August is a strange month for many GPs. The heart of the holiday season sees them in one of four states; getting ready to go on holiday, happily on holiday, just back from holiday or covering for absent colleagues. While the time away from the practice on holiday is usually great, the rest of the month can be absolutely awful. GPs are not alone – August has triggered an avalanche of CQC admin work for their managers.
It’s not surprising, therefore, that few GP partners are giving little thought to the annual meeting with their accountant which, for many practices with 31 March year-ends, will be fast approaching. Unable to get all the partners together in July or August, lots of practices will have arranged accounts meetings from early September onwards. It is worth taking some time beforehand to consider how to get the most out of the meeting, which should really add value to the practice and cover a range of topics, not simply focus on the previous year’s accounts.
Tax and benchmarks
A key point for many GPs is their tax bill, and in particular how much they will have to pay in January. Your accountant should be able to give you a fairly accurate figure – but only if you have provided your professional expenses information in sufficient time before the meeting.
As well as examining your own practice accounts you should also ask you accountant to benchmark your results against other GP practices. This will help you see where you are doing well, but perhaps more importantly where there are opportunities for improvement.
The pressures on practice funding and the likely impact on your practice should certainly be covered in the accounts meeting. QOF changes, enhanced services cuts, the removal of the Minimum Practice Income Guarantee (MPIG) and further reviews of PMS contracts cannot be ignored. Since all of these funding streams generate significant income, the meeting with your accountant is the right place to discuss them.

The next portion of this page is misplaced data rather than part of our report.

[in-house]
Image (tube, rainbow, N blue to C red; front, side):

Loans and retirement
If the practice has significant bank loans then they need to be on the agenda too, particularly if they were taken out between 2004 and 2007. These are quite likely to have low interest rates, which is fine if the loans are not going to change. However, many of these loans were arranged on an interest-only basis for the first few (perhaps ten) years. At that point repayments have to start – and this can result in a lot of money coming out of drawings and being paid to the bank.
Practices taking out this type of loan probably thought that, once the capital repayments were about to start, they would simply go to another lender for a new loan with another capital repayment holiday. Sadly the economic climate now means that is not likely to work.
Succession planning is another area for consideration at the annual accounts meeting. Are there any partners due to retire? If so then the remaining partners need to decide how to replace them. Since partners may well need to pay out the retiring partner before a new partner builds up their capital, money will either need to be paid in or drawings reduced for a while. Neither option is palatable but especially so if the practice has failed to anticipate what lies ahead.
Bob Senior is chair of the Association of Independent Specialist Medical Accountants and head of medical services at RSM Tenon